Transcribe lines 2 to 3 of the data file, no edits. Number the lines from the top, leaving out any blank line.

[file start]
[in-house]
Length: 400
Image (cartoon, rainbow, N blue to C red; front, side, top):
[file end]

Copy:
Length: 400
Image (cartoon, rainbow, N blue to C red; front, side, top):